A View of the Sacraments in the Age of Enlightenment

I just stumbled across Pietro Antonio Novelli’s engravings on the Seven Sacraments, completed in 1779. They give a fascinating view of ecclesiastical life in the late 18th century – Novelli would have moved to Rome from Venice about this time, so it’s unclear which part of Italy these were drawn from. Either way, they’re worth a look through. All are taken from Wikimedia Commons.


Baptism. Note the prominent Angel and Devil.


Confirmation. Strong and sound emphasis placed upon the role of the Holy Ghost.


The Eucharist. The arrangement of the Altar and rail suggests that this is a low mass. Very odd that the Priest has no chasuble, but surplice and stole.


Penance. Once again, we see the Angel-Devil dichotomy. Lovely open confessional, too.


Holy Orders. It is entirely unclear to me where the Altar is supposed to be in this image. Nevertheless, the Bishop is wearing a wig, which answers a question of Fr. Hunwicke’s.


Holy Matrimony. A fairly straightforward scene with lovely, somewhat spare Neoclassical church architecture in the background.


Unction. The attendance of two servers is a custom long since out of fashion. One rather wonders when their presence was removed from the rubrics.



7 thoughts on “A View of the Sacraments in the Age of Enlightenment

      • It wasn’t exceptional back in those days but the norm.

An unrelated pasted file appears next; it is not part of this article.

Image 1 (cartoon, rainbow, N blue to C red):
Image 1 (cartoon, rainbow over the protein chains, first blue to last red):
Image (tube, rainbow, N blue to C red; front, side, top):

I would guess the artist chose this scene rather than a scene of Mass because all the rest of the pictures show people in the act of receiving sacraments, not just present at a ritual in which the Sacrament was being performed.


      • Because properly speaking the Mass is not a Sacrament. Rather, the Mass is the context in which the Sacrament is confected. Even though the catechism of the Catholic Church says that holy mass is one of the names of the sacrament, the truth is that you will almost never find a list of the seven sacraments with “holy mass” been one of them. Wait to clarify this is to notice how we speak about the Eucharist. For example we can say that the Eucharist is reserved in the tabernacle, but it would make absolutely no sense to say that the holy mass is reserved in the tabernacle. We can say the Eucharist is the body and blood of Christ, but not that the mass is the Body and Blood of Christ. We can say that we are going to participate in adoration of the Eucharist, we will never say that we are going to participate in adoration of the holy mass.


  1. Most High Masses on Sundays and Holy Days were non-communicating. Usually they would be followed by the distribution of the Eucharist to a few rare communicants.


  2. In my comment above I meant to say “A way to clarify this” not “wait to clarify this”. My apologies; I was using dictation and did not check it before posting.


  3. Pingback: Another View of the Sacraments in the Eighteenth Century | The Amish Catholic

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